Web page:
Springfield airport to host network for autonomous flights

AURA Network Systems’ first commercial network purpose-built for autonomous flights to be based in region

Credit: Bill Lackey

Credit: Bill Lackey

A Virginia company working on a nationwide wireless network for autonomous cargo aircraft is establishing a Springfield presence.

AURA Network Systems’ first commercial network operations purpose-built for autonomous flight will be based at the Springfield-Beckley Municipal Airport, the company and the Ohio Department of Transportation said Tuesday.

The goal is a network that can enable connections where needed along an aircraft’s flight path.

“Everyone at Aura is very much aware of Ohio’s historic role in global aviation, so it’s both humbling and exciting to be part of Ohio’s leadership in the future of global aviation,” Bill Tolpegin, AURA chief executive, said in a statement. “Unlocking the tremendous economic and social potential of AAM (Advanced Air Mobility) is really nothing short of a new era of human flight, and these public-private collaborations are vital to getting us into that next era.”

AURA stands for Advanced Ultra Reliable Aviation.

In the near term, the company will not have a full-time staff in Ohio, a spokesman for the company said Tuesday.

The company’s system is essentially a communications network between pilots, air traffic controllers and what are expected to be, ultimately, uncrewed aircraft.

AURA installs “ground stations” or devices on cell towers or at local airports that provide a connectivity signal where customers need it, when they need it, creating a communication network, the spokesman said.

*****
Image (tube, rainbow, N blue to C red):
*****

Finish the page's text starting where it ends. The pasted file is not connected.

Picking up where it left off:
AURA says it is the only company in the nation with Federal Communications Commission (FCC)-approved licensed spectrum specifically geared to aviation, he said.

“Ohio is developing cutting-edge digital aviation infrastructure, and hosting AURA’s network certainly reflects our leadership in next-generation advanced air mobility, including autonomous and remotely piloted aircraft,” said Richard Fox, director of Ohio’s Uncrewed Aircraft System Center.

An announcement from AURA and ODOT cited a white paper by research firm NEXA Capital forecasting that says advanced air mobility in Ohio could mean “a thriving new industry providing some $13 billion in economic activity between now and 2045, some $2.5 billion in local, state, and federal tax revenue, and some 15,000 full time jobs.”

The network will “empower urban air mobility and regional air cargo flights between Cincinnati and Columbus, creating a powerful economic ripple effect among local businesses, like fiber optic services, construction contractors, electricians and a whole host of logistics companies,” said AURA Chief Network Officer Mike Gagne.

The announcement came a day after Joby Aviation Inc., a producer of electric vertical takeoff and landing aircraft, announced historic plans to build a manufacturing operation near Dayton International Airport.

It also came a day after the ribbon-cutting of the National Advanced Air Mobility Center of Excellence at Springfield-Beckley Municipal Airport.

“For the last decade, Ohio has worked to create an environment where Advanced Air Mobility innovators can test their capabilities and then grow their manufacturing operations,” said Jeff Hoagland, president and chief executive of the Dayton Development Coalition. “We’re proud to welcome AURA to the ‘Birthplace of Aviation,’ and we’re confident its redundant capabilities will attract an array of government and industry stakeholders to conduct both their flight testing and other operations at Springfield — especially those developing larger aircraft to fly at higher altitudes within the national airspace system.”

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